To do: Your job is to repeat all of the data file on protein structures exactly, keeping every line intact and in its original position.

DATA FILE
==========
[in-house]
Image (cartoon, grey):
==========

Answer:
[in-house]
Image (cartoon, grey):